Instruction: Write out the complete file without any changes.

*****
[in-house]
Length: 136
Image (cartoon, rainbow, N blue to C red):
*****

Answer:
[in-house]
Length: 136
Image (cartoon, rainbow, N blue to C red):